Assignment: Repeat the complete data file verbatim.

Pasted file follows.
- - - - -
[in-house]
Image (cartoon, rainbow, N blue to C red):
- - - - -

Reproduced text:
[in-house]
Image (cartoon, rainbow, N blue to C red):